Credit and Finance for MSMEs: Introduced in Lok Sabha in September last year, the bill seeks to broaden the participation of entities undertaking factoring.
Credit and Finance for MSMEs: Lok Sabha on Monday passed the Factoring Regulation (Amendment) Bill, 2020 amid protest from the Opposition, to amend the Factoring Regulation Act 2011. Introduced in Lok Sabha in September last year, the bill will help micro, small and medium enterprises (MSME) tide over their issue of delayed payments as it seeks to broaden the participation of entities undertaking factoring. The bill is also likely to enhance traction on the TReDS platform introduced by the Reserve Bank of India back in 2014 for entrepreneurs to unlock working capital tied in their unpaid invoices. According to the government’s delayed payments monitoring portal MSME Samadhaan, over 83k delayed payment applications have been filed by micro and small enterprises, as of July 26, 2021, involving Rs 22,311 crore, of which 7,920 applications involving Rs 1,433 crore were disposed.
“One of the biggest problems faced by MSMEs was in terms of receivables and during both lockdowns, MSMEs have been affected the most as the moment when large industries stop functioning then automatically it impacts payments to MSMEs. Also, MSMEs generally keep borrowing at a much higher cost in comparison to large companies. So Factoring bill will help MSMEs monetise their receivables. This will be a big benefit to them as it will also help them in better managing their working capital and therefore will reduce their cost of working capital,” Madan Sabnavis, Chief Economist, CARE Ratings told Financial Express Online.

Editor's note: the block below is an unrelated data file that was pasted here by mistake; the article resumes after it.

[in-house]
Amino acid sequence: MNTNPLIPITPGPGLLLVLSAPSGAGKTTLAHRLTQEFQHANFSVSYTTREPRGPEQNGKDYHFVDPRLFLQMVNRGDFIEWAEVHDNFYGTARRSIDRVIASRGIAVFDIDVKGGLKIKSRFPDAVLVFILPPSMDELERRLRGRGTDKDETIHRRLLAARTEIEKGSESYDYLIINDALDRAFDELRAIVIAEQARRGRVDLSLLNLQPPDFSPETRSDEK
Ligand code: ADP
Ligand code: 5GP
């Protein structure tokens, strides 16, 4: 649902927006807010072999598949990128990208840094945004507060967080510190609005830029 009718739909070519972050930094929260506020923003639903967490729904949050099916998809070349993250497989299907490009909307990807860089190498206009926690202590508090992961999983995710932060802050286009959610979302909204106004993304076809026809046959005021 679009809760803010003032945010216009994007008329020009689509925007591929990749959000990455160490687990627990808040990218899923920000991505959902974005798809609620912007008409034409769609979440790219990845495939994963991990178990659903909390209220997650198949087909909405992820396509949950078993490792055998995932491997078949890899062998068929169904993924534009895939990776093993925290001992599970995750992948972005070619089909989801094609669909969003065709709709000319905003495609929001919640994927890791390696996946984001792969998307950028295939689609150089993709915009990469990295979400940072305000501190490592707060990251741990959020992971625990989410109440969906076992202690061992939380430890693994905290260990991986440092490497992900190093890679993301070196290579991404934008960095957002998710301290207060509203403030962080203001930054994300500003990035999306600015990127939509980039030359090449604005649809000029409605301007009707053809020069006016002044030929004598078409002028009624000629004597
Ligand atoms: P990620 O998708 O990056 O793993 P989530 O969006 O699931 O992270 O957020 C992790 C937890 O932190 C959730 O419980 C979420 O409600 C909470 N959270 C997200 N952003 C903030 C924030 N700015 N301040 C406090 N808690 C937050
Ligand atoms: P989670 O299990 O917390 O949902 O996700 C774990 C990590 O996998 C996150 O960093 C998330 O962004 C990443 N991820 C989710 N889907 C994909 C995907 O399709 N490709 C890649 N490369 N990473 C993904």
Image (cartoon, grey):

The bill also seeks to permit non-banking finance companies (NBFC) other than those whose principal business is factoring to discount invoices on TReDS and also reduce the time period for registration of invoice and satisfaction of charge upon it in order to avoid the possibility of dual financing, Finance Minister Nirmala Sitharaman had said in the Statement of Objects and Reasons in the bill introduced last year.
As per the standing committee’s report, factoring credit contributes only 2.6 per cent of the total formal MSME credit in India versus 11.2 per cent in China, said Ram Iyer, Founder & CEO, Vayana Network. The bill, in that light, “heralds the growth of factoring business in India at par with developed countries. This would increase the number of factoring entities from the current seven to a few thousand. This would also increase the flow of credit exponentially while bringing down the cost of credit for MSMEs,” Iyer told Financial Express Online.
Back in January 2019, the RBI had constituted an expert committee on MSMEs under the Chairmanship of U.K. Sinha to help resolve MSMEs’ delayed payment issue. The amendments made to the bill were based on the recommendations by the committee. “Allowing NBFCs other than NBFC-factors to be a part of TReDS as financiers will allow TReDS to become accessible to a much wider spectrum of MSMEs. Many MSMEs which were supplying to lower-rated corporates were not able to discount their invoices. Recommendation for extending the pool of financiers was made in the UK Sinha Committee Report and the required legislative changes have seen the light of the day. TReDS has so far processed around 43,000 crores worth of invoices that have helped over 25,000 MSMEs with better liquidity and access to funds on favourable terms,” Ketan Gaikwad, MD & CEO, Receivables Exchange Of India Ltd. (RXIL) told Financial Express Online.